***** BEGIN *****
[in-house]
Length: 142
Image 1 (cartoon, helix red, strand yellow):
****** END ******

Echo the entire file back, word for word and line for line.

[in-house]
Length: 142
Image 1 (cartoon, helix red, strand yellow):